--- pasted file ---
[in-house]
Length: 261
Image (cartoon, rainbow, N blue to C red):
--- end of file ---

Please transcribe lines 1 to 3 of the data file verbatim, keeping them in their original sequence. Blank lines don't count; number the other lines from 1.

[in-house]
Length: 261
Image (cartoon, rainbow, N blue to C red):